A day on the Bering: Nothing ‘routine’ about it

Coast Guard Cutter Munro slips through an ice flow to reach the fishing fleet. U.S. Coast Guard photo.

Coast Guard Cutter Munro slips through an ice flow to reach the fishing fleet. U.S. Coast Guard photo.

Written by Lt. j.g. Jake Hauser.

Forty miles southwest of the Pribilof Islands, Coast Guard Cutter Munro navigated shifting ice fields to close on the Bering Sea’s largest fishing fleet. Arctic winds whipped through the bridge’s opened door at sunrise while crewmembers cleaved ice on the forecastle and engineers looked over the ready boat to make sure its systems wouldn’t freeze up.

These frozen conditions don’t sound ideal for most people. Then again, most people aren’t crewmembers aboard Munro.

Petty Officer 3rd Class Michael Valdes caked in ice after ferrying his passenger to help. U.S. Coast Guard photo.

Petty Officer 3rd Class Michael Valdes caked in ice after ferrying his passenger to help. U.S. Coast Guard photo.

“I’d rather drive up here than in the Florida Straits,” said Lt. j.g. Evan Richter, an officer aboard Munro. “Ice or no ice, we need to be near the fleet.”

By the afternoon, that mentality would pay off for a sailor in need.

While the weapons and operations departments were wrapping up the day’s second boarding, a radio call reached Munro’s bridge from fishing vessel Nordic Fury, then only three miles away. A member of their crew had suffered deep lacerations to his hand, which had been partially crushed freeing a net fouled in the vessel’s screws.

Petty Officer 3rd Class Ian Miller, an operations specialist, worked with the 17th Coast Guard District command center who had been in communication with Nordic Fury. Because the 95-foot boat could not pull in to nearby Saint Paul Harbor due to icing conditions, it was decided the injured fisherman should be brought aboard Munro for examination.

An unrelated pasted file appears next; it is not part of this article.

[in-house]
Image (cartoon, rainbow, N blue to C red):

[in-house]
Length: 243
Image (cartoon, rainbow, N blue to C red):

The cutter’s 23-foot rescue boat was launched in an ice-cold chop to retrieve the fisherman and brought him aboard Munro.

“It wasn’t routine. We were looking at six foot swells,” said the coxswain, Petty Officer 3rd Class Michael Valdes.

The maneuver was made even riskier by icy rails on the Nordic Fury and the need to assist the patient – with only one good hand – down the ladder into their rescue boat.

“The location of their ladder made things harder too. I had to come in opposite their course to maintain position against their hull. I couldn’t have done it safely without my crew,” added Valdes.

When the boat returned, Chief Petty Officer Joshua Foss, a health services technician, was ready in sick bay.

“They had done a good job with the first aid,” said Foss. “The next step was to debride [clean] and assess the wound.”

Chief Petty Officer Joshua Foss in Munro's sick bay. U.S. Coast Guard photo.

Chief Petty Officer Joshua Foss in Munro’s sick bay. U.S. Coast Guard photo.

Foss skillfully observed that the patient’s injury had not affected tendons or ligaments and that suture would be appropriate. Normally, Coast Guard health services technicians are not called to complete clinical tasks on civilian patients, but the district’s duty surgeon made an exception, with further medical help days away in Dutch Harbor. Foss applied local anesthesia, approximated the wound and, as excessive swelling indicated the bone may have been fractured, he applied a splint and advised his patient to get imaging done ashore.

The fisherman was very grateful: “Thank God you guys were out there,” he said, “There wouldn’t have been any other help for me so soon.” He was transferred back to Nordic Fury, which steamed south for Dutch Harbor.

It was a massive team effort to help the fisherman in need, from the operations specialist to the boat coxswain. Munro, steaming in the Arctic, was ready for it, though. The crew remains Always Ready each day on the Bering; a place where their days are far from “routine.”

Tags: , , , , , , , , , , ,